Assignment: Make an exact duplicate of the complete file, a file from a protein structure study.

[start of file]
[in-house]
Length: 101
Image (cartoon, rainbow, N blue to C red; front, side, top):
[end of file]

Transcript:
[in-house]
Length: 101
Image (cartoon, rainbow, N blue to C red; front, side, top):